Uber, Airbnb, Snapchat– all byproducts of venture capitalist funding that has fast-tracked these ideas from their dorm dwelling humble beginnings into multi-billion dollar enterprises that have re-engineered the world’s perception on both technology and social media as a whole.
In 2014, venture capital investments peaked at a record $48.3 billion dollars. With nearly half of that funding being used on app startups. While this may seem like a pie that is plenty big enough to supply the entire tech world with at least a small slice of financial stability, the fact of the matter is that fundraising, specifically venture capital, is incredibly hard to secure. Venture capital funding is commonly looked at like blood moons, the Aurora Borealis, or volcanic lightning. In other words, VC funding is on another level of rare. Only 1% of startups actually get VC funding at any given point in time.
To their defense, VC’s are betting dangerously high when not being highly selective with the ventures they decide to invest in. It is crucial for VC’s to view their investments as entirely sound otherwise they risk losing an immense amount of credibility and an immense amount of money. From an outsider’s perspective, investors seem to be the most level headed individuals you will ever come across– poised for success even in the most dire situations while maintaining an emotionless stupor for periods of time that simply seem inhuman. The pressure and uncertainties investors are confronted with day in and day out have helped them develop diamond-like characteristics. Through extensive pressure comes unwavering resiliency. Coupled with both the humanistic and logical ability to look past biases, properly analyze particular factors of a startup’s inception that may sway investors one or way or the other and a comprehension of a founder’s vision/likelihood for success are all facets of the game VC’s must be able to master. And while investors occasionally develop biases for reasons that are often times unavoidable by the entrepreneur currently in the investment spotlight, it is important to be able to do damage control in the most productive way possible.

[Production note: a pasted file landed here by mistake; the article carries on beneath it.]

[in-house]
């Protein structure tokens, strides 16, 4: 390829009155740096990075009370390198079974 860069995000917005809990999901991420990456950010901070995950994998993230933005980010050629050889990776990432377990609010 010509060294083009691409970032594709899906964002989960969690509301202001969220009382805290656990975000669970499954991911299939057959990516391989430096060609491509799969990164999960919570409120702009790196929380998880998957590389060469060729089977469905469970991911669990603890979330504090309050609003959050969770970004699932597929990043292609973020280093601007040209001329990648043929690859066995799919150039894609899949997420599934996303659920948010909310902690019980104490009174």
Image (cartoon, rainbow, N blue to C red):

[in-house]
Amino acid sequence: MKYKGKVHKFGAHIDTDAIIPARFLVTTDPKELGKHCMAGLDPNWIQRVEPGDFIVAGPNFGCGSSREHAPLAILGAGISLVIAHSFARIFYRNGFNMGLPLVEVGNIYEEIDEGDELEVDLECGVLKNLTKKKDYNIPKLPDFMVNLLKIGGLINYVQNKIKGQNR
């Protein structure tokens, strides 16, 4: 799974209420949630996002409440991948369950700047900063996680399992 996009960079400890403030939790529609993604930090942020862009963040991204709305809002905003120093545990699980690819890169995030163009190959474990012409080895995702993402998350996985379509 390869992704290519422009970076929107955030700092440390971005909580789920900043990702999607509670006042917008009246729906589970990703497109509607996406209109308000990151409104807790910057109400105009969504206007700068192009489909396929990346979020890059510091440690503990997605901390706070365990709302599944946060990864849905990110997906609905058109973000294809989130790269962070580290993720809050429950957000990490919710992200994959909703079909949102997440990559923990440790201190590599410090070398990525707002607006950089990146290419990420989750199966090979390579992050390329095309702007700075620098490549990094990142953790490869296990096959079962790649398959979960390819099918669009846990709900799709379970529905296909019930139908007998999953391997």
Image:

From the perspective of the entrepreneur, understanding these potential issues or setbacks can be very helpful. According to a write up done by the Harvard Business Review, the three principles to abide by when negotiating with a VC are as follows:
Comprehend the leverage you possess
Strive for unequivocal understanding
When VC’s are able to identify the entrepreneurs that have successfully built a framework for making decisions and developing lasting relations with both clients and investors alike, it shows. Being able to identify components of the systematic decision process that nearly all VC’s implement will naturally make for less of a hurdle when discussing your vision with the people that can finance your idea long term. Disruptive startups will never run out of opportunities to improve various fields of work for the better, and VC’s know this. Prepare accordingly, be relentless in the pursuit of the most air-tight version of your project conceivable and be ready to neutralize the concerns of the financial gatekeepers in order to see your vision take flight.
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